Joel James now controls the code to this plugin and has confirmed that the plugin is now clean. As a reminder, this happened over a year ago. At this point I have no hesitation in recommending that you use the 404 to 301 plugin.
WP Slimstat Plugin
We also received data that Soiza was involved with WP Slimstat. I chatted with the author of WP Slimstat on the phone. He goes by the alias Jason Crouse, and would prefer to remain anonymous. He was kind enough to provide all of the data we requested.
He received a PayPal transaction dated November 22, 2015 from email firstname.lastname@example.org and name “Garri Kiekbusch.” The email uses the same domain as two other emails that we have established belong to Soiza, but the transaction used a different name. This email was also displayed on an archived linkrocket.net home page along with the other two. The name may be a business partner or an alias.
From October 22, 2013 until August 10, 2016 (2 years 10 months), WP Slimstat had code in it that is very similar to Soiza’s spam code. That period includes versions 3.4 to version 4.3.7.
The domains used for Slimstat were wordpress.cloudapp.net, then wpcdn.io and later api.wp-stats.io. You can find a code sample on this page for 4.3.7.
It’s important to note that wordpress.cloudapp.net and wpcdn.io share the same IP address at the time of writing. api.wp-stats.io historically also shared that IP address. This links the three domains and we will refer to this later in the post.
Early versions of Slimstat that included Soiza’s code included a checkbox that you had to opt into, but the checkbox did not mention spam or ads. Later versions did mention that ads would be displayed.
I’d like to repeat that I have chatted with the author of this plugin on a fairly long phone call and he shared his real identity with me. He prefers to remain anonymous, but is in control of the plugin once again and has been for a year at this point. WP Slimstat no longer contains any spam code, and has not for some time.
WP Maintenance Mode Plugin
Once we identified several plugins linked with Soiza, we started looking through the repository to find plugins using the same domains. We were surprised to learn that WP Maintenance Mode was involved. It is a very popular plugin with around 500,000 active installs. From June 20, 2013 to September 1, 2014, WP Maintenance Mode had code that allowed content to be remotely injected into a website without permission.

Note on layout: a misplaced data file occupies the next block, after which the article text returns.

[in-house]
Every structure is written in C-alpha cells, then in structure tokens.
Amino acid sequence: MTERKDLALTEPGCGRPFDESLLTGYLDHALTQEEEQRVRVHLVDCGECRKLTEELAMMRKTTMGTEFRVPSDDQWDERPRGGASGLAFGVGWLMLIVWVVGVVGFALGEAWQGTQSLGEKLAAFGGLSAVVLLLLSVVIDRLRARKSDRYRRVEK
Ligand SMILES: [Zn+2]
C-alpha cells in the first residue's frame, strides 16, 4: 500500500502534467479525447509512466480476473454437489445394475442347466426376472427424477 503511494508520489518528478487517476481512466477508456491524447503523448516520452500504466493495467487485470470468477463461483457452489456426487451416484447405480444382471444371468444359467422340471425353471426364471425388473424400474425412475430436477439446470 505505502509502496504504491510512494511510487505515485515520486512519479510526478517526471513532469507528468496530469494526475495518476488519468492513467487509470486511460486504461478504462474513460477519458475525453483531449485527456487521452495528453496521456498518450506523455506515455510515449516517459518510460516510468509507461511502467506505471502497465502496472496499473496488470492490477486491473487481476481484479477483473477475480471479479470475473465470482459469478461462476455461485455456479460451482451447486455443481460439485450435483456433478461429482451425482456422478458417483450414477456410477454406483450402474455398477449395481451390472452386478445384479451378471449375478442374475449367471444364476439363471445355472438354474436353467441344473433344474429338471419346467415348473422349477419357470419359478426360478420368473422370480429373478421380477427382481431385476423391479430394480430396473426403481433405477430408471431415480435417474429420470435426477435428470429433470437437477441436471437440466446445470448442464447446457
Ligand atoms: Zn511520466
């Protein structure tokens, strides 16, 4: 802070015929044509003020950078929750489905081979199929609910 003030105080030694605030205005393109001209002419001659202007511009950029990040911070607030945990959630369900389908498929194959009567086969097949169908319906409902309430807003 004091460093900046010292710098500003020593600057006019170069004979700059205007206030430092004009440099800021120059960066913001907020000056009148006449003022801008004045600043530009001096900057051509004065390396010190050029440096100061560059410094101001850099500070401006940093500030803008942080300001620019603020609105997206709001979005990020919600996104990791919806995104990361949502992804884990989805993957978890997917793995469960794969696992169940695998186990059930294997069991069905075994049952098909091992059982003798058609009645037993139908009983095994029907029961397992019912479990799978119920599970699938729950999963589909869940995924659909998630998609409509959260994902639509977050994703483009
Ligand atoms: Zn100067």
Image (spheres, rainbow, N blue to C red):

The versions that were affected are 1.8.9 up until the code was removed in version 2.0.0. At that point, ownership of the plugin changed hands to the new owners who appeared to remove the code.
I chatted to the new owners via email and they don’t have any information that can help us link this to other affected plugins. I also reached out to the previous owner and managed to connect with him via email but was not able to get any helpful data.
The one link we do have is the domain that WP Maintenance Mode was loading ads from. It was wordpress.cloudapp.net, one of the domains used by WP Slimstat which we confirmed was paid by email@example.com. So this appears to, at the very least, be linked to the same advertiser that used Slimstat.
The difference with this plugin is that there was no opt-in required by the user. The advertiser could simply inject content into the website at will. You can find an example of the code in version 1.8.11 on this page.
This page on a hosting company website shows a user in 2013 asking why WP Maintenance Mode is slow in loading. It turns out it was contacting wordpress.cloudapp.net to load content in the background.
We found this plugin was involved when searching for the domain associated with the plugins above. We found this post from 2013 where a user was reporting the plugin slowing down when loading something from wordpress.cloudapp.net.
NewStatPress would randomly select a WordPress hook like get_header, get_sidebar, wp_head or wp_footer and print out a decoded JSON blob which it fetched from the wordpress.cloudapp.net domain.